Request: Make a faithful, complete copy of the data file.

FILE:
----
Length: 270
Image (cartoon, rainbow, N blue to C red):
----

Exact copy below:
Length: 270
Image (cartoon, rainbow, N blue to C red):